Can this side of an opera star also help to address a larger, perhaps even foreign opera audience?

All singing stars in the history of opera have been trying to reach a large audience. But why? We all know that especially today, classical music - specifically the opera - music does not interest everyone. But not because the opera would be the entertainment for a social elite, but just because this music is not always easy to hear and it's hard sometimes to approach it. It takes often a lot of time, not everyone has. It is not always a question of lack of training: Also a good mathematics teacher at school does not manage to be all enthusiastic about mathematics. Some light classical music appeals to all certainly, but the art form of opera is not made for everyone. This is a simple truth. Even the most tasteful thing in life is not for every day and not made for everyone. If it were, it would lose its appeal immediately.

Of course, I try with my art to reach a large audience, but I do this mainly with crossover projects, so with lighter things. We cannot have the largest audience in Wagner. And man needs both:  pop for the body, classical music for the soul!

Monday, October 25, 2010

Modern History

I am trying to write another chapter for my history book:  post 1975.  The only thing I'm able to say for sure is that the period officially begins with Glass' Einstein on the Beach (1976).  The Wikipedia article Contemporary classical music describes the following active movements:

Modernism  is represented by Pierre Boulez, Luigi Nono, Karlheinz Stockhausen, Milton Babbitt, Charles Wuorinen, Sir Harrison Birtwistle, Thomas Adès and Gunther Schuller, among others.

Computer music, including computer generated music.  Can computer generated music be said to be composed?  Computers have their fingers in everywhere these days, but specific names are irrelevant. The electronic music festival in SF falls here.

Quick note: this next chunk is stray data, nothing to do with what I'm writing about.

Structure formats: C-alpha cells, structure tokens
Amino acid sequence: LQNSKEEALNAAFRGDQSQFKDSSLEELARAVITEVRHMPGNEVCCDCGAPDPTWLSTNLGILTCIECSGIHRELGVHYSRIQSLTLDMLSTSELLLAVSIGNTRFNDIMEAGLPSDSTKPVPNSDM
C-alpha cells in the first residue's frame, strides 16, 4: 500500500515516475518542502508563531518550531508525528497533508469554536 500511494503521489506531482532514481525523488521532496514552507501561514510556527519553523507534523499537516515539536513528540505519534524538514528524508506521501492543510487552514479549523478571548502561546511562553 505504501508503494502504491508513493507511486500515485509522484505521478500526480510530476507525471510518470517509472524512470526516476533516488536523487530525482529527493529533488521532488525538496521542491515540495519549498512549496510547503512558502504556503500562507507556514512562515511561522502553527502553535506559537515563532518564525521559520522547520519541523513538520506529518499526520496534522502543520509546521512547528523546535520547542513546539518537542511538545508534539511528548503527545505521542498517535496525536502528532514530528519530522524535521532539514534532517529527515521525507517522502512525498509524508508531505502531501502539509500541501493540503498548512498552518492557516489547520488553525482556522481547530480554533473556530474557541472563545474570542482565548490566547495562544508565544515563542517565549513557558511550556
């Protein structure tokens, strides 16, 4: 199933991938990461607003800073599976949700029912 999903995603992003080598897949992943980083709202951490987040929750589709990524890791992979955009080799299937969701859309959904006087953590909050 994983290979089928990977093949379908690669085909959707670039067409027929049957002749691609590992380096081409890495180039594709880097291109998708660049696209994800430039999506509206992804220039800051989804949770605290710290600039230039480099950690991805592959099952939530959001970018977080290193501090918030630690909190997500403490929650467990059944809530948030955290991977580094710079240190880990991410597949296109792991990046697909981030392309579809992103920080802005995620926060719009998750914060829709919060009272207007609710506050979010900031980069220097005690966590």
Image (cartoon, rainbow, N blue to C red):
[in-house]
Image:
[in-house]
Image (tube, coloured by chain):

Spectral music is represented by a long list of people no one has ever heard of.  This is a type of computer music where structure derives from timbre.  The term was coined by Hugues Dufourt.

Post-modernism is chiefly characterized by its opposition to modernism (whatever that means) and is represented by John Adams, Luciano Berio, John Cage, John Corigliano, George Crumb (of whale music fame), Brian Eno, Henryk Górecki, Steve Reich and Alfred Schnittke.  If you recognize many of these names, you will see that this is not at all a style of music but a political movement.

Polystylism is exactly what it sounds like, and is represented by Sir Peter Maxwell Davies, Sofia Gubaidulina and Alfred Schnittke, among others.  In fact most modern composers may be considered polystylists, so ....

Historicism, referring to earlier periods of classical music.  None of these names are familiar to me except Peter Schickele who is parodying Bach.

Neo-romanticism is represented by John Williams, John Corigliano, Gian Carlo Menotti, Ellen Zwilich and the later works of Krzysztof Penderecki and György Ligeti. 

Art rock influence is represented by another long list of composers I have never heard of.

"World music" influence has actual historical precedents, and consists of bring in styles from other cultures, such as the work of Béla Bartók and later Olivier Messiaen. This isn't World Music per se, but rather the incorporation of world music into a classical music context.